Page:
However, Virginia allows local governments to impose a "service charge" on certain nonprofits which are exempt from real estate taxes. Code of Virginia, § 58.1-3400, et seq. This charge may not exceed 20 percent of the real estate tax rate of the local government (except with regard to faculty and staff housing). § 58.1-3401(C). However, the charge may not be imposed on certain real estate owned by educational or religious nonprofits. § 58.1-3402.

Virginia requires local governments to maintain an inventory and assessment of all tax-exempt properties within their jurisdiction. Code of Virginia, § 58.1-3604.


1. Recordation Tax

Virginia imposes a state tax on both grantors and grantees upon the admission to record of deeds, deeds of trust and mortgages. Code of Virginia, §§ 58.1-801, et seq. Certain nonprofits, including churches, nonprofit colleges and schools, and hospitals, are exempt from paying the state tax on the admission to record of deeds (for real estate conveyed to them), deeds of trust, and mortgages. § 58.1-811. Churches and nonprofit colleges and schools are also exempt from paying state tax on conveyances of real estate conveyed by them. Id.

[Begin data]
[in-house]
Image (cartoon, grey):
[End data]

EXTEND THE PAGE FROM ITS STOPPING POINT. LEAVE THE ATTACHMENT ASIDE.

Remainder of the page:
2. Business, Professional and Occupational Licenses

Under the uniform BPOL tax law enacted in 1996, receipts of most nonprofit organizations, except for unrelated business income taxable under the Internal Revenue Code which exceeds $10,000, are excluded from BPOL taxation. See Code of Virginia, § 58.1-3703.C.18.

3. Business Tangible Personal Property Tax

Local governments may impose business personal property tax on furniture, fixtures, computer equipment, machinery, and other equipment. Churches, hospitals, museums, and other nonprofits enjoy exemptions from personal property taxes. Code of Virginia, §§ 58.1-3610-21.

4. Business Vehicle Personal Property Tax

Local governments may impose business personal property tax on vehicles. Vehicles must also carry vehicle license decals. Religious nonprofits are exempt from paying taxes on motor vehicles. Code of Virginia, § 58.1-3617.

5. Business Vehicle Sales Tax

Local governments may impose a tax on the sale or use of certain motor vehicles in Virginia. However, no tax may be imposed on a motor vehicle which is transferred by gift or sale to a 501(c)(3), where the nonprofit does not title and tag the motor vehicle for use. Nor may a tax be imposed where the vehicle is to be used by certain nonprofit health care or charitable distribution organizations. Code of Virginia, §§ 58.1-2402, 2403.